Following on from OmarL's comment, to the closed question, Why did the Spectrum Next choose Z80 on FPGA?:

But also, the eZ80 is not compatible with the ZX Spectrum because it uses port FE for its own purpose.

Does anyone have a reference for this?

I have found links to the ZX Spectrum's use of 0xFE for I/O, 16K / 48K ZX Spectrum Reference, but nothing for the eZ80 and its reserved use of 0xFE.

I did find a link to the ZX Spectrum SE Reference, which mentions the eZ80 in passing:

If you got very excited when Zilog announced the eZ80 then you should keep an eye on the development of Richard Kelsh's Sparky project. It uses its own 24-bit version of Basic, based in part on Sinclair Extended Basic. I thought I'd be the first to use Sinclair Extended Basic on genuine hardware but Garry Lancaster, designer of the ZX Spectrum +3e, beat me to it. I'm working with him to ensure Sinclair Extended Basic supports ResiDOS - the operating system of the ZXATASP IDE interface. We are also looking at the possiblity of merging aspects of the +3e and Sinclair Extended Basic.

as well as the familiar I/O use of 0xFE, but nothing regarding the port's use relating to the eZ80.

I would like to know if it is true that the eZ80 can not be used as a drop in replacement on the ZX Spectrum, due to a conflict relating to the port 0xFE issue.

Note: There may be other reasons why it can't be dropped in, but this question refers only to the 0xFE issue.


The CPU-CORE as described in the eZ80 User Manual (UM0077) does of course not reserve any I/O, but all real silicon eZ80 contain additional peripherals (*1), reserving the whole address range of 0080h..FFh for them.

See for example the eZ80190 Product Specification (PS0066) section Register Map on p.23:

All on-chip peripheral registers are accessed in the I/O address space. All I/O operations employ 16-bit addresses. The upper byte of the 24-bit address bus is forced to 00h (ADDR[23:16] = 00h) during all I/O operations. All I/O operations using 16-bit addresses within the range of 80h to FFh are routed to the on-chip peripherals; where xx is any value from 00h to FFh. External I/O Chip Selects are not generated if the address space programmed for the I/O Chip Selects overlap the 80h to FFh address range.

So yes, that address is locked.

Table 2 on page 28 marks for port 00FEh:

FE | DMA1_BC_H | DMA1 Byte Count Register—High Byte

To my understanding all eZ80 silicon not only feature a DMA unit at that address, but also stamp out the 80h..FFh ports by default, avoiding any external decode. The I/O cycle will simply be not visible.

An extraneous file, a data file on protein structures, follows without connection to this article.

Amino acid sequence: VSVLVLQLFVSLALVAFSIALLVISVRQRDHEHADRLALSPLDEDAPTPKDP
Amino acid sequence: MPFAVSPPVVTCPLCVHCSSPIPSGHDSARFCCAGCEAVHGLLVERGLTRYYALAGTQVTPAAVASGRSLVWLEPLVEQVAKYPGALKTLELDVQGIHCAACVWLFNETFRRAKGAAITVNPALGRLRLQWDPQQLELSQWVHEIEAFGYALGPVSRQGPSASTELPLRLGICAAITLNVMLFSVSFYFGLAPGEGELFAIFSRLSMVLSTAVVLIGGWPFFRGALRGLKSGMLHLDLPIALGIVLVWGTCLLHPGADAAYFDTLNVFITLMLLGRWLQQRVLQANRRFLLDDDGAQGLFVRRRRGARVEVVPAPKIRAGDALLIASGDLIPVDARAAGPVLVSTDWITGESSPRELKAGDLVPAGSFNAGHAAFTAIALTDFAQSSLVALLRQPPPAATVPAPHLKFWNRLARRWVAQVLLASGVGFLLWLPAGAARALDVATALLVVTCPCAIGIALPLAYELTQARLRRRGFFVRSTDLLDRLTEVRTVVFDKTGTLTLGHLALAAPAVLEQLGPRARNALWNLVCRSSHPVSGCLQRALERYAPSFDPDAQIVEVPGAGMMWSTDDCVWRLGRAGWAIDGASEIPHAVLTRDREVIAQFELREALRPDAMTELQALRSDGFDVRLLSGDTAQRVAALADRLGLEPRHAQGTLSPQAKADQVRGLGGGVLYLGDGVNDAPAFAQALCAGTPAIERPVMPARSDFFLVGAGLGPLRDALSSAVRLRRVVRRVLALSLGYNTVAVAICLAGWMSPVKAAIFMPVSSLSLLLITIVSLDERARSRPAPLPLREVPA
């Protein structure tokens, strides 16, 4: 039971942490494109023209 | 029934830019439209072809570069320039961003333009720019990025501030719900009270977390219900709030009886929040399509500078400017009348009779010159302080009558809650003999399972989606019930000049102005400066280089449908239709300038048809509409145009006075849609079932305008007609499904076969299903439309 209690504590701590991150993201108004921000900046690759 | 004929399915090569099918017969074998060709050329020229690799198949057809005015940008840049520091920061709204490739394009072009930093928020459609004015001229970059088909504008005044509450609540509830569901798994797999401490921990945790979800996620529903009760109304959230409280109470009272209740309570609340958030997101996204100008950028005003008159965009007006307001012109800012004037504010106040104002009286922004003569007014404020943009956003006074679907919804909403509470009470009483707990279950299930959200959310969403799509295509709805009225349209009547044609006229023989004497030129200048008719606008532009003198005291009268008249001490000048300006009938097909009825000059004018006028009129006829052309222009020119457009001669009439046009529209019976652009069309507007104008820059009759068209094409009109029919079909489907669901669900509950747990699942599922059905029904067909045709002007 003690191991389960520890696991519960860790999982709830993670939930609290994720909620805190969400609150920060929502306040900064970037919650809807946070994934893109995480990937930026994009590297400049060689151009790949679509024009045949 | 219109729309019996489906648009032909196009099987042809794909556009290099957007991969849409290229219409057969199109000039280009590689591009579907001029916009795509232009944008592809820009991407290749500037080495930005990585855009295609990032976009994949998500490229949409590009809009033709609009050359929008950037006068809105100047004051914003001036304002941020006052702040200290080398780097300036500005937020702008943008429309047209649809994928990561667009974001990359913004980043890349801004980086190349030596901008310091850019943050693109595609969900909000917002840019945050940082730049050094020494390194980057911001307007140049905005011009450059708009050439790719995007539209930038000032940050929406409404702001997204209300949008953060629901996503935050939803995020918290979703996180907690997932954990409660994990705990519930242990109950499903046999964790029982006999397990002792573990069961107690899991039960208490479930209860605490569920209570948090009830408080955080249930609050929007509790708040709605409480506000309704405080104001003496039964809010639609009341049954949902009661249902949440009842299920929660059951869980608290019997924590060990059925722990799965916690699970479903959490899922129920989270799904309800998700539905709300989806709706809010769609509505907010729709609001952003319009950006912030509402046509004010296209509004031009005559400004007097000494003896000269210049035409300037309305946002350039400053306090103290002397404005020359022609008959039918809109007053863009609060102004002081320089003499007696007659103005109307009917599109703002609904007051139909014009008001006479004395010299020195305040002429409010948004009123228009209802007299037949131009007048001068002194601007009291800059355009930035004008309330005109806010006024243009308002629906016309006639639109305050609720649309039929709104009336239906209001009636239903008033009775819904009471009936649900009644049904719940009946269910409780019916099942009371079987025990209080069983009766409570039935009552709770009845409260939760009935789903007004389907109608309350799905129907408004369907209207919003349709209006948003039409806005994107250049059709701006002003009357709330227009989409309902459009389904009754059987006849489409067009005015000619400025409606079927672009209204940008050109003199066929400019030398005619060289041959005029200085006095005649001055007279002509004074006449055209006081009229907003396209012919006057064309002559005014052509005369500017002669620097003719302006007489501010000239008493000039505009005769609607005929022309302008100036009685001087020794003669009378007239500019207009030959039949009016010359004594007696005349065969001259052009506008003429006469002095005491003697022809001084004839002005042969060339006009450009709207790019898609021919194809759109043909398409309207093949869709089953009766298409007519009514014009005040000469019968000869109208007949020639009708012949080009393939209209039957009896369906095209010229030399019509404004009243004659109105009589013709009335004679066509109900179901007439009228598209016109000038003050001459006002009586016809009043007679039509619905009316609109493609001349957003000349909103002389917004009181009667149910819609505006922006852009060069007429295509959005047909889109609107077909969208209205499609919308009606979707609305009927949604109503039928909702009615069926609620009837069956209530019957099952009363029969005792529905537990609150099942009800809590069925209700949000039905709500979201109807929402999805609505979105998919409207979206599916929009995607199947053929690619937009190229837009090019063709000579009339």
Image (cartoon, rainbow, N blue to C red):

IIRC the FEh register controls cassette and border colour. For the ROM it might be rather painless to patch all occurrences to, for example, 7Eh, so everything BASIC not using direct hardware access will run. But that's about it. All other software will write into the DMA count and thus fail.

Now, if I/O cycles within 80h..FFh would be visible externally, it would be possible to decode it as well and treat the DMA register more like a parallel RAM cell. Except, the way the Spectrum is made, the ULA reacts to all even ports (yeah, cheap as always) and some software might use that knowledge, which could cause rather unwanted effects when hitting some of the other peripherals.

*1 - Usually integrations of CTC, PIA, SIO (UART, SPI, I2C) and DMA, plus MAC and address decoder.

*2 - Cheap as always, which was the main feature of all Sinclair and why we got them in the first place. But unlike Commodore, where Tramiel killed usage of features to save on development cost, Sinclair did minimize on every bit of hardware.

  • I'm genuinely curious about this parragraph: "But unlike Commodore, where Tramiel killed usage of features to save on development cost," Care to ellaborate, please? Sep 30 at 22:27
  • @mcleod_ideafix Aren't there many? Lets start with cancelling all further development between late 1982 and Tramiels demise in 1984 and focus on building VIC20 and C64 to flood he market. No further development happened. Not with professional computers nor home computers - including none with/around the C64. Not even carry any ready improvement over like enabling the use of the full 64 KiB for BASIC. Which is exactly the point here, Tramiel was a sales man, untouched by engineering, unlike Sinclair, who was a product creator with engineering knowledge.
    – Raffzahn
    Sep 30 at 23:22

Your Answer

By clicking “Post Your Answer”, you agree to our terms of service, privacy policy and cookie policy

Not the answer you're looking for? Browse other questions tagged or ask your own question.